Are both "wipe us out of existence" and "wipe us off of existence" idiomatic? To me, the first one seems to be more correct, but the second one doesn't seem to be wrong either, because "wipe off" also means "removing", so "removing us from existence". However, I am not sure if the second phrase is idiomatic even if semantically it's correct since I am not a native speaker. Is it idiomatic?

1 Answer 1


"Wipe us out of existence" is fine, but I believe you're confusing the second with the idiomatic expression:

Wipe us off the map / off the face of the Earth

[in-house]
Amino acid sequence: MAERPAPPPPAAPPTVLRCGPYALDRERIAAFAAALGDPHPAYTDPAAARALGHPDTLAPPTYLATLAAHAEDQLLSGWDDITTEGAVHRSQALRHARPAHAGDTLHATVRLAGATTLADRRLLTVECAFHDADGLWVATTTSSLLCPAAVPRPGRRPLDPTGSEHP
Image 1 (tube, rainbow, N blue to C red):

You can use almost any geographical location with this idiom:

The Empire tried to wipe the Rebels off the face of the Galaxy, but they used the Force.

Also, "wipe off of existence" doesn't really make sense. "Wipe out" means to eradicate (remove completely) while "wipe off" means to erase (delete markings from some surface).

I mean, yes, you can say:

Erase us from existence

but this is the meaning of "erase" that's closer to "obliterate".

Side note: Some days, you can't help but wonder why even simple English words have so many different meanings.


You must log in to answer this question.

Not the answer you're looking for? Browse other questions tagged .